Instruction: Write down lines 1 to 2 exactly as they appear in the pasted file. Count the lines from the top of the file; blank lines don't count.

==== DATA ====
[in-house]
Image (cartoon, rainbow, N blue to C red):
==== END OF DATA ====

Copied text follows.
[in-house]
Image (cartoon, rainbow, N blue to C red):